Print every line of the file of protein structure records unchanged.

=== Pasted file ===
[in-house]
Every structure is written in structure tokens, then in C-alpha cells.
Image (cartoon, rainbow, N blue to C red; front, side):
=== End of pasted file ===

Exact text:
[in-house]
Every structure is written in structure tokens, then in C-alpha cells.
Image (cartoon, rainbow, N blue to C red; front, side):